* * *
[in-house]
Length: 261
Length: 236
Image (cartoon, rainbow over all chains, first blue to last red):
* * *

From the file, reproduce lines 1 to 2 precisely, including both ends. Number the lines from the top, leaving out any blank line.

[in-house]
Length: 261